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Anhedonic and Anxiogenic Effects of Cytokine Exposure

  • Hymie Anisman
  • Zul Merali
Part of the Advances in Experimental Medicine and Biology book series (AEMB, volume 461)

Abstract

It is abundantly clear that interactions occur between the immune, endocrine, central, and autonomic nervous systems. Immunologic manipulations (or products of an activated immune system, e.g., cytokines) affect neuroendocrine and central neurotransmitter processes, and conversely, neuroendocrine and central neurotransmitter alterations may impact on immune activity (Anisman, Zalcman, & Zacharko, 1993; Blalock, 1994; Dunn, 1990; Rivier, 1993; Rothwell & Hopkins, 1995). It has been posited that, among other things, the immune system acts like a sensory organ informing the brain of antigenic challenge (Blalock, 1984, 1994). Furthermore, given the nature of the neurochemical changes elicited by antigens and cytokines, it was suggested that immune activation may be interpreted by the CNS as a stressor (Anisman et al., 1993; Dunn, 1990; Dunn, Powell, Meitin, & Small, 1989). To be sure, the effects of systemic Stressors (e.g., those associated with viral insults, bacterial endotoxins, cytokines) are not entirely congruous with those elicited by processive stressors (i.e., those involving higher-order sensory processing, e.g., fear conditioning, exposure to a predator or novel environment) (Herman & Cullinan, 1997). Nevertheless, cytokines may be part of a regulatory loop that, by virtue of effects on CNS functioning, might influence behavioral outputs and may even contribute to the symptoms of behavioral pathologies, including mood and anxiety-related disorders (Anisman et al., 1993; Crnic, 1991). It is curious that while cytokines have found an increasingly greater role in immunotherapy, and may contribute to neurodegenerative processes (Rothwell, Luheshi, & Toulmond, 1996), limited attention has been devoted to behavioral analyses of these cytokines in animal studies.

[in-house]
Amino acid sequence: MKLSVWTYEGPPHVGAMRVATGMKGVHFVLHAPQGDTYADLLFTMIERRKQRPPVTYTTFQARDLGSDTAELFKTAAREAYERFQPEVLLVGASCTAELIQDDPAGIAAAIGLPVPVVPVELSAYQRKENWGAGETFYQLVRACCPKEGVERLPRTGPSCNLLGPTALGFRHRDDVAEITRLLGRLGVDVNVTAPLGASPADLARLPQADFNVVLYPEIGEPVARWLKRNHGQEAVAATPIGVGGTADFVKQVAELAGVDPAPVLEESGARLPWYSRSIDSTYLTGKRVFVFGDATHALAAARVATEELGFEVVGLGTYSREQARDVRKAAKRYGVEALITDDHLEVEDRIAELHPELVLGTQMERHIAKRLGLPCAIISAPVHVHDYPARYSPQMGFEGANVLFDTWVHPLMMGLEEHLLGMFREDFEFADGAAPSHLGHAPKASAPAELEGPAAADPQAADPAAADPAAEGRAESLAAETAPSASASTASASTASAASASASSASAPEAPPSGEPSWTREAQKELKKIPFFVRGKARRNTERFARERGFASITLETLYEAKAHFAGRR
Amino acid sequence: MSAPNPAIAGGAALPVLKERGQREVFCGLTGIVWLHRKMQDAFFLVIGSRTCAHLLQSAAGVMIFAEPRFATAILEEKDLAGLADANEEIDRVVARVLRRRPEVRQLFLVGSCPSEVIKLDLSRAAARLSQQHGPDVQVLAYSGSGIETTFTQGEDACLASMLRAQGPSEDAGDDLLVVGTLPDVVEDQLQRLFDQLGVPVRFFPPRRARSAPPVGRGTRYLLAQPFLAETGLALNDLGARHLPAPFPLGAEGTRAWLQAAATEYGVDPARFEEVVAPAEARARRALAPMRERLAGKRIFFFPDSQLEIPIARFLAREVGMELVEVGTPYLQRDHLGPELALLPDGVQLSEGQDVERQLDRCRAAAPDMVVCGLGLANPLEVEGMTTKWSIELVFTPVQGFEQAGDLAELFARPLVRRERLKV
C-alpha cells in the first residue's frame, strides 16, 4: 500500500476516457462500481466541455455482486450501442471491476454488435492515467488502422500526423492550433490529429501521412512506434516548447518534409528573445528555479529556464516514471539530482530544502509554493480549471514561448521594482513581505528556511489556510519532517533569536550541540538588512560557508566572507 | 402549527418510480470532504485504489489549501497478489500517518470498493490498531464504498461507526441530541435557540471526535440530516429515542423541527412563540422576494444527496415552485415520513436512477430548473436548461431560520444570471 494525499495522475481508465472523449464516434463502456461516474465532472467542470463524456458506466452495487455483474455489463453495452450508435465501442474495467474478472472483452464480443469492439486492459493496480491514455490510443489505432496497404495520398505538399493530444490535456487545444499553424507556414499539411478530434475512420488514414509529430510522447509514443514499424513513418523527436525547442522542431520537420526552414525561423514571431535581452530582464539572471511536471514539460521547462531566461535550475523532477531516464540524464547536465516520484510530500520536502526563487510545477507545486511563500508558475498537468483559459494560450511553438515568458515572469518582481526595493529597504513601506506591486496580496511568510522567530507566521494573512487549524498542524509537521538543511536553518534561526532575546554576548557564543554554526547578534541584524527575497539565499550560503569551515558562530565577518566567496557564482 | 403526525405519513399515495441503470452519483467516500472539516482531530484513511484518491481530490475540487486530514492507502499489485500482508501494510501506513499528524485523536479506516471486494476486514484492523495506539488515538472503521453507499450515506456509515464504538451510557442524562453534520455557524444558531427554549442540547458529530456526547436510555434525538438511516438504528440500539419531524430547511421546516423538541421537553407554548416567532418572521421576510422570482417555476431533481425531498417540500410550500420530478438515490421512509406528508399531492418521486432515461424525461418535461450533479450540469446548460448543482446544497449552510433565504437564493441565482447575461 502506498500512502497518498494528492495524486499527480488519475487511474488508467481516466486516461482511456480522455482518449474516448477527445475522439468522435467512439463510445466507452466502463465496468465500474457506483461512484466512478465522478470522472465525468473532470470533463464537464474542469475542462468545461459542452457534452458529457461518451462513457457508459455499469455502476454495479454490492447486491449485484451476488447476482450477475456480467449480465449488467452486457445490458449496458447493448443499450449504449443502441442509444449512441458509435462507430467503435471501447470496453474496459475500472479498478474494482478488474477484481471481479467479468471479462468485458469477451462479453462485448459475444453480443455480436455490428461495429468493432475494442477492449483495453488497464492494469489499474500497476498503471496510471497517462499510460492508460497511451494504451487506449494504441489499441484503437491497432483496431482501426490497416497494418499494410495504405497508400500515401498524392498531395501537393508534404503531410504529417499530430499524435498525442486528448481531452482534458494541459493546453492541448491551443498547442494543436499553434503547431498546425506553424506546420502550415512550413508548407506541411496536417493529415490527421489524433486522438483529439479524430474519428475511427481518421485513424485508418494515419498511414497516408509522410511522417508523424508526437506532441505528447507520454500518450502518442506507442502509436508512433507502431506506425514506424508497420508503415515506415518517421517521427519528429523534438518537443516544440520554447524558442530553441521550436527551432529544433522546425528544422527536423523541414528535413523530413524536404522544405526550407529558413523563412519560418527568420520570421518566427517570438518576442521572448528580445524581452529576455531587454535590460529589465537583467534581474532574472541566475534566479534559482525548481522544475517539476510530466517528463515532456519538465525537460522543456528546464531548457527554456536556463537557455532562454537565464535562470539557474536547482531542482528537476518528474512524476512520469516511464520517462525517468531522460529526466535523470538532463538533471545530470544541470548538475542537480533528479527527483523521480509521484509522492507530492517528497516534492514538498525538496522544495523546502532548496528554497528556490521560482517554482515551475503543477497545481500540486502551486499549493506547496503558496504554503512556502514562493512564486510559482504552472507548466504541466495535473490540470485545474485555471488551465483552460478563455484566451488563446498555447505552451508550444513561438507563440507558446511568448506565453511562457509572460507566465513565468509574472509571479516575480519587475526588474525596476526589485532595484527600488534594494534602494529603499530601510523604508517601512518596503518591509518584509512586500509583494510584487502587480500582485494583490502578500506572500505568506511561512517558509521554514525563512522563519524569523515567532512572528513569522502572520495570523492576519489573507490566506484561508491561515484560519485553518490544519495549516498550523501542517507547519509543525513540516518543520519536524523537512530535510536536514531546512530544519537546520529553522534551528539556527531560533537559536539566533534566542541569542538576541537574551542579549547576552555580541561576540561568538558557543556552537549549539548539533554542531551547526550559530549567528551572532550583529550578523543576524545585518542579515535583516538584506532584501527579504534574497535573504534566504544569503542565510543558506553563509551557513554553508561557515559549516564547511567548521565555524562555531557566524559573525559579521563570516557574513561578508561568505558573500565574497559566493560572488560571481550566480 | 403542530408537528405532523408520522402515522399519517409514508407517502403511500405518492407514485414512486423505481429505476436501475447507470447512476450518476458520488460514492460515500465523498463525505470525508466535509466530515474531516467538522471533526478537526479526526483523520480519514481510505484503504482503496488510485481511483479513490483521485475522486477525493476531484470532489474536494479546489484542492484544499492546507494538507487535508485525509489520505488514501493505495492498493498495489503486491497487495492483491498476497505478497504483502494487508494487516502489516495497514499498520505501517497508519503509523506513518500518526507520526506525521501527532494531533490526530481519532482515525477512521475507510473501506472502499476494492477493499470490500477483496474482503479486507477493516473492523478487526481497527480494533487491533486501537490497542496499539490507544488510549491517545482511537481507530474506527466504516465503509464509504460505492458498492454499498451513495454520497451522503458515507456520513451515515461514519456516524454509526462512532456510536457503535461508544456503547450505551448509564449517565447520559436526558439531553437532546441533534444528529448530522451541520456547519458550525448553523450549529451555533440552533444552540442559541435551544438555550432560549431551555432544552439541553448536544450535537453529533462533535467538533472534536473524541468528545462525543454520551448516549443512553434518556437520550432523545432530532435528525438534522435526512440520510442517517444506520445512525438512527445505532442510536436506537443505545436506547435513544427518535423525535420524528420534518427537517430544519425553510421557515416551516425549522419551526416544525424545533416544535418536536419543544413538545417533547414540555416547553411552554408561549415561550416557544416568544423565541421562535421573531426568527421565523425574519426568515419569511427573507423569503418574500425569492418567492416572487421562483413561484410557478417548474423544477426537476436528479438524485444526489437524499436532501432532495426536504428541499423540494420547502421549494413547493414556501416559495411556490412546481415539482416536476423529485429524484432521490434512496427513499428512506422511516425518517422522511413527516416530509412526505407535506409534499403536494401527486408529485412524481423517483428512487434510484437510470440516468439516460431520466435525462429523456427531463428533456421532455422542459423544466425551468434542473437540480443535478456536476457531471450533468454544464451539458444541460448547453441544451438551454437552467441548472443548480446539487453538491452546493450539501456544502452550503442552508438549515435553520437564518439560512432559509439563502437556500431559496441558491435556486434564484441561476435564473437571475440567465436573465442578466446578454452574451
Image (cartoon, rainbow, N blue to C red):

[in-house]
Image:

Keywords

Nucleus Accumbens Sensitization Effect Sickness Behavior Chocolate Milk Cytokine Treatment 
These keywords were added by machine and not by the authors. This process is experimental and the keywords may be updated as the learning algorithm improves.

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Copyright information

© Kluwer Academic/Plenum Publishers 1999

Authors and Affiliations

  • Hymie Anisman
    • 1
  • Zul Merali
    • 2
  1. 1.Institute of NeuroscienceCarleton UniversityOttawaCanada
  2. 2.School of Psychology, and Department of Cellular and Molecular MedicineUniversity of OttawaOttawaCanada

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